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Pence's press secretary tests positive for coronavirus

The news comes the day after it became public that a White House aide to Trump also tested positive.
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WASHINGTON — One of Vice President Mike Pence's closest aides, press secretary Katie Miller, confirmed to NBC News that she has tested positive for the coronavirus — making her the second administration staffer known to have become infected this week.

Miller, the wife of top Trump adviser Stephen Miller, said she tested positive on Friday after testing negative on Thursday. She said she's asymptomatic. Stephen Miller tested negative for the virus, an administration official told NBC News Friday night.

President Donald Trump told reporters on Friday that Miller had tested negative recently.

"She's a wonderful young woman, Katie," Trump said during a meeting with Republican lawmakers at the White House. "She tested very good for a long period of time, and then all of a sudden today she tested positive. She hasn't come into contact with me, spent some time with the vice president. So she tested positive out of the blue."

A White House official told NBC News that Miller had been at the White House in the morning before testing positive. The official also said she was showing “symptoms.”

"Thank you all for your prayers and well wishes," Miller tweeted on Friday night. "I’m doing well and look forward to getting back to work for the American people."

Pence's flight to Des Moines was delayed by roughly an hour Friday morning after the test results came in, although the staffer who tested positive was not expected to travel with the vice president.

Members of the vice president's staff who had been in contact with Miller were seen deplaning Air Force Two at Joint Base Andrews, an administration official said. The White House medical office is working to identify additional White House staff who were in contact with her.

Some White House aides who were in contact with the aide have already been retested, and Trump said Pence has been as well. "He tested negative," Trump said.

A senior administration official said that after the positive test, "we asked some of our staff to deplane. Nobody else was exhibiting any symptoms or having any feeling of sickness, but we asked them to go get tested and go home out of abundance of caution."

Republican Sens. Chuck Grassley and Joni Ernst of Iowa, as well as Agriculture Secretary Sonny Perdue, were traveling with Pence on Friday to discuss the impact of the coronavirus on the food supply.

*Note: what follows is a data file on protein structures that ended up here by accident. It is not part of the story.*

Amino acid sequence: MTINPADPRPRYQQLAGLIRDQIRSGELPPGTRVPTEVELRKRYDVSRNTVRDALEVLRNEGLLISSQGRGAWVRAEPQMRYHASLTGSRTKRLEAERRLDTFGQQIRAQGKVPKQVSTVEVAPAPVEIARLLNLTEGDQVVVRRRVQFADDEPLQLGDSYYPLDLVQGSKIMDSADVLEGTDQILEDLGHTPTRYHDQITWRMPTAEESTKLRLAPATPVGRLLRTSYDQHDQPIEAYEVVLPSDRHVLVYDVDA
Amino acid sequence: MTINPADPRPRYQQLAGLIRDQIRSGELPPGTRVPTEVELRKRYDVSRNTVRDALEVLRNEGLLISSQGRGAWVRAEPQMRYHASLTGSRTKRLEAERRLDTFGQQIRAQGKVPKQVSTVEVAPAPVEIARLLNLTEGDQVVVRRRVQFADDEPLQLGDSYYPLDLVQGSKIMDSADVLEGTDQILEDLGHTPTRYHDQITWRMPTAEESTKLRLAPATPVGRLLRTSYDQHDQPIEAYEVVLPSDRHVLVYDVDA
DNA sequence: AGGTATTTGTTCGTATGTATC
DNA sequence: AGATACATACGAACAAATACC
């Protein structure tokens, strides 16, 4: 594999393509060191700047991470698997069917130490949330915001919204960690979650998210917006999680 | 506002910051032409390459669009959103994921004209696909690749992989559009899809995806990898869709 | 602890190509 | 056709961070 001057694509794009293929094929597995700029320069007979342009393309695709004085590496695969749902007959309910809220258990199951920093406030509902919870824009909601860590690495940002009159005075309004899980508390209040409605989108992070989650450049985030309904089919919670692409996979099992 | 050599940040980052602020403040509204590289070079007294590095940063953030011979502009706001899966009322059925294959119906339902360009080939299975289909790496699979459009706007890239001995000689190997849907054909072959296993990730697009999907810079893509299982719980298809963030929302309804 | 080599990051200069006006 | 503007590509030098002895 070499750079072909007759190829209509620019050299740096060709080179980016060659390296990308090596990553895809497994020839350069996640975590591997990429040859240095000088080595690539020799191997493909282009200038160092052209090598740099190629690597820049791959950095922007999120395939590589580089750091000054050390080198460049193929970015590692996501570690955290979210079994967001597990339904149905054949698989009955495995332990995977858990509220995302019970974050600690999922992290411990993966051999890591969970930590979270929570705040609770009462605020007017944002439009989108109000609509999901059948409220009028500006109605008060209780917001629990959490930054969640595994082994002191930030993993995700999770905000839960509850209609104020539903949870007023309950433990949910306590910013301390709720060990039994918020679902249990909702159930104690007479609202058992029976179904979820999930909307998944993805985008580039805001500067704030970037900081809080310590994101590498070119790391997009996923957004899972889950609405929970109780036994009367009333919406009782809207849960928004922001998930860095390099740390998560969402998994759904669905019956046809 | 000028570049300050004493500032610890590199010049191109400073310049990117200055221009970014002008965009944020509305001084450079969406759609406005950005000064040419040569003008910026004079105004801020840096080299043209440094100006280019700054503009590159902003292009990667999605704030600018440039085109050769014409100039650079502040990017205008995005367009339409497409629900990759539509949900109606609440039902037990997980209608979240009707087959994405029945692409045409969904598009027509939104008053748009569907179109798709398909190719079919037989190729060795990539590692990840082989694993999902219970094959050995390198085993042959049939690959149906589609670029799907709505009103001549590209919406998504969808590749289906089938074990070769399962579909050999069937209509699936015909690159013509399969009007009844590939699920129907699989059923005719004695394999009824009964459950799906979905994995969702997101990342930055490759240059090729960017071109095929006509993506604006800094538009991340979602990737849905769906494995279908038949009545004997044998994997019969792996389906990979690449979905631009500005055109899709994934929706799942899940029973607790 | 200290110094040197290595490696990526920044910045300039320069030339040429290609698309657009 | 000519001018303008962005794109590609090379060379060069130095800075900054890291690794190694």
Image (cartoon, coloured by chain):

The administration official said the infected individual had not shown any symptoms the day before and had tested negative for the virus on Thursday. She was tested Friday morning as part of the White House's routine testing.

"This is why the whole concept of tests aren’t necessarily great," Trump said Friday afternoon during the meeting with Republicans.

"The tests are perfect but something can happen between a test where it's good and something happens," he continued.

White House press secretary Kayleigh McEnany insisted that the White House was continuing to "operate safely" despite learning that two people had tested positive within two days.

"We have put in place the guidelines that our experts have put forward to keep this building safe," McEnany said.

“We clean the facility, we social distance, we keep people six feet away from each other," she added.

Deputy press secretary Judd Deere said, "The president’s physician and White House operations continue to work closely to ensure every precaution is taken to keep the president, first family and the entire White House complex safe and healthy at all times. In addition to social distancing, daily temperature checks and symptom histories, hand sanitizer, and regular deep cleaning of all work spaces, every staff member in close proximity to the president and vice president is being tested daily for COVID-19 as well as any guests.”

Chief of staff Mark Meadows said that "this is probably the safest place you can come to."

Nevertheless, efforts are under way to make it more secure after the positive tests this week involving Miller and Trump's personal valet, who works in the West Wing serving the president his meals, among other duties.

Miller, a former spokeswoman for the Department of Homeland Security, got married to her husband in February at the Trump International Hotel in Washington, D.C. Trump attended the wedding.